I can remember playing tackle football (him being on his knees) when I was 7 or 8 and when he “tackled” me and I had all the breath knocked out of me. I can picture (and feel it now) he in a white t-shirt kneeling over me while my Great-Grandmother leaned out the window scolding him for playing so rough. I remember it so well because at that moment I really knew my Father was concerned for me, really concerned. (And I also realized he couldn’t fix everything) I felt like I was a man, being able to be hurt and then toughing it out.

Another time we three boys were dancing around the fire barrel while my parents burned wallpaper. We dressed for the occasion by making head dressings with feathers and I in my PJ’s (which were Indian or cowboy themed, flannel none the less). Man, I can remember this like yesterday; it was just getting dark and well past my bedtime. We were doing a rain dance like thing around the fire barrel when a large piece flew out of the fire and landed on my back. In an instant there were flames all over me, my Dad ran over and ripped all my clothes off and I wasn’t even burned! I can remember thinking that nobody on TV was tougher than my Dad.

I can remember going squirrel hunting with him for the first time, my favorite part was holding his hand on the way back. I know we didn’t get a squirrel cause I was to noisy. I think that’s why my Mother insisted I go, because she hated to cook squirrels and my Dad never missed. Once I saw him shoot a crow from at least 200 yards with a .22 and another time shoot a rabbit on the run with a pistol.

He grew up during the depression without a father and dirt poor in the hills of West Virginia. They hunted and trapped from the time he was 8 or 9, he claimed he didn’t really have shoes until he went to school. After listening to his Brother talk my Father was not stretching the truth, they were really poor.

I’ll post a few more memories, maybe some of our great adventures we boys had chasing over the hills.

I am revisited a few of my favorite reads from my youth. Fred Saberhagen, Beserkers: The Beginning, wow what a read. My boys are thrilled. I moved up several notches in their eyes, suggest such good books. I read 100’s of books to suggest to them. Ringworld,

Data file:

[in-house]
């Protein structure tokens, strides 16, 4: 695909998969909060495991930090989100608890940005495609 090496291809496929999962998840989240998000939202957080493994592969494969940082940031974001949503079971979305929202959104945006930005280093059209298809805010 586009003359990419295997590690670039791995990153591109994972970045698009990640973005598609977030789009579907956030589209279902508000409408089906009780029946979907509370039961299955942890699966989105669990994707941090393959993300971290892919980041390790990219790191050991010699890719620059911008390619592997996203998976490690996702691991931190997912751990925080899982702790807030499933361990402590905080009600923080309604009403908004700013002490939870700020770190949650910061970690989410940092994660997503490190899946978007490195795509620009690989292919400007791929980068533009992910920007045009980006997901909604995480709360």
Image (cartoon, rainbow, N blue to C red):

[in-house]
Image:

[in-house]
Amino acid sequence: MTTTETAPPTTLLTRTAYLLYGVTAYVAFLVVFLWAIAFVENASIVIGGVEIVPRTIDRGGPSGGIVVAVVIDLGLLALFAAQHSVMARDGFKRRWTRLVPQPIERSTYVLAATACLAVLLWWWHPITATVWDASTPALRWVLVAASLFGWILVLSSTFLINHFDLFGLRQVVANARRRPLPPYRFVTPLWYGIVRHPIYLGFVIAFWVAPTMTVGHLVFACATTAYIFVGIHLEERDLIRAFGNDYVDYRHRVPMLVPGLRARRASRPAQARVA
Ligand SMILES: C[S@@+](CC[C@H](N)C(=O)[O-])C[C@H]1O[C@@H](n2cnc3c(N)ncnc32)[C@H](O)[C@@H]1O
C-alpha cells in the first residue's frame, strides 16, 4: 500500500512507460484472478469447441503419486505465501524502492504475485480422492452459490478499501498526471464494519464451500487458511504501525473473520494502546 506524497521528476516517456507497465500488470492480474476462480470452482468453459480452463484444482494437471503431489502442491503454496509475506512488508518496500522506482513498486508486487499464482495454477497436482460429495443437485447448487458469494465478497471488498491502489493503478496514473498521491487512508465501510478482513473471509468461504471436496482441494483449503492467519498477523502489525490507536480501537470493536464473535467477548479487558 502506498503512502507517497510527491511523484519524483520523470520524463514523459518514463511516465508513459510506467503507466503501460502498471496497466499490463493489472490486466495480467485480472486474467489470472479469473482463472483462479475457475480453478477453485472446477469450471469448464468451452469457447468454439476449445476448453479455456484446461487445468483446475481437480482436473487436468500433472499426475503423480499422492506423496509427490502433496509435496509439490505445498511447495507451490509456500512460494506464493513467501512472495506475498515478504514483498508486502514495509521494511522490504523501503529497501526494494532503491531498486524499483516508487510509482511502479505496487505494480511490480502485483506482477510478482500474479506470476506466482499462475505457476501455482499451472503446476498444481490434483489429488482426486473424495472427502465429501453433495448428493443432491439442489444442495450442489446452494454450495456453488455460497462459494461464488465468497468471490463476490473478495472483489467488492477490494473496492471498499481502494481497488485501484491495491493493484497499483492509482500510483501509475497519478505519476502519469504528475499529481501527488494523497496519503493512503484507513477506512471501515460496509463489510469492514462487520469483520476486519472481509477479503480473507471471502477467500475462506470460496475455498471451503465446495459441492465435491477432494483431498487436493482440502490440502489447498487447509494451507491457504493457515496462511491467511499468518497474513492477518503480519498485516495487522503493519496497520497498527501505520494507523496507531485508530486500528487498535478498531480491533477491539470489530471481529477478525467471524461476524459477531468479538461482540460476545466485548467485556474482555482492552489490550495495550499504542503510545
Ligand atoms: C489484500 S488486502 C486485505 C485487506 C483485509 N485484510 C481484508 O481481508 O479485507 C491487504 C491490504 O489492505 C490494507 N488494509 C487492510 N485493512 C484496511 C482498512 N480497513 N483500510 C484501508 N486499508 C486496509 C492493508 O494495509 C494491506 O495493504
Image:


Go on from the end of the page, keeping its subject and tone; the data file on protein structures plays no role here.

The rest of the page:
Starship Troopers, and some other classics. I would like them to read The Foundation Trilogy, but I don’t know if they can suffer through the dry spells. And of course how could I forget the Martian Chronicles  and the John Carter series.  Such good books, boyhood adventures to be sure.

I have been planning this weekend for at least three weeks (all the work I want to get done for the cookout Monday evening). I have decided to quit working on the yard and garden before 5 PM (even if I’m not done) so I can spend the evening with my family.

Water balloon fights come to mind if it doesn’t thunderstorm. Maybe I’ll go to the dollar store and buy squirt guns and noodles to have some real fun with the kids and Wife. What ever we do we’ll have some fun.

Monday we’re having a cookout our family and a few guys from work. Just burgers, hot dogs, beer can chicken, smoked pork, roasted corn on the cob, and other cook out stuff. No over kill this year. Just a simple cook out with family and friends. And I plan to remember our troops and fallen heroes…

What are you doing?

Parenting, what a challenge! It seems you can only know how you’ve done by the end result. And what is an end result? When I’m older and grayer with grandchildren? Or maybe there’s another way to “judge”? Maybe that could be in present actions, like following through on yard work and other chores. Or maybe making good judgments on friends, employment and schoolwork. I believe, I rely to much on the ending well part, and sometimes overlook positive signs now.

I’m very busy with work, church projects and work around the house (including homeschool things). So what a relief today when I asked my boys to dig a few holes for our new pergola I plan to install this coming week. I called home from work and they have two holes done and if the rain lets up they’ll get the other two done tonight. My girls 7 and 12-teen are scraping the arbor to ready it for paint on Monday. Sounds like a small thing, I could dig the holes in about an hour, or scrape the arbor in 30 minutes, but this will allow me to get it done quicker so I can plant the garden early in the week.